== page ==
The founders of "Athletes for Hope" also include Warrick Dunn (NFL), Jeff Gordon (NASCAR), Mia Hamm (soccer), Tony Hawk (skate boarding), Andrea Jaeger (tennis), Jackie Joyner-Kersee (track), Mario Lemieux (NHL), Alonzo Mourning (NBA) and Cal Ripken, Jr. (baseball).
"We're all happy with what we've been able to do," said seven-times Tour de France winner Armstrong, a cancer survivor who has raised millions for cancer research.
"The idea is to hand it down to the next group of guys, so they can be active citizens. It's an industry that's very powerful. Sports can affect change."
The dozen founder athletes have already raised a total of half a billion dollars for their respective foundations and charities. The aim of the "Athletes for Hope," is to help other athletes connect to existing charities or get help in starting initiatives of their own.
Agassi, whose foundation was created in 1994 to assist at-risk youth in Las Vegas, said "Athletes for Hope", or AFH, intended to "pass on the passion" for doing charitable work.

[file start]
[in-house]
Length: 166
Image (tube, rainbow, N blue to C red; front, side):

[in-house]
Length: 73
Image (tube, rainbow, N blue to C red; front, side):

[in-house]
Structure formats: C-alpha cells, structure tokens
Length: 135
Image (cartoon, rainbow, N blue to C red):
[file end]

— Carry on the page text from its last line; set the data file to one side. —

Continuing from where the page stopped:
"This for us is about sending a clear message to the children, to show the world that it is OK to care," the eight-times grand slam tennis champion said.
"One thing we do have in common is one regret -- that we didn't start our charities early enough.
"We want to reach all those other athletes that have the desire to give.
"Kids aspire to success, to trophies. All of that is a tool, a vehicle to make a difference in other peoples' lives."
The umbrella charity hopes to raise money for initiatives through the sale of an AFH Tag that can be purchased at www.athletesforhope.org. Fans can also use the Web site to find out about volunteer opportunities.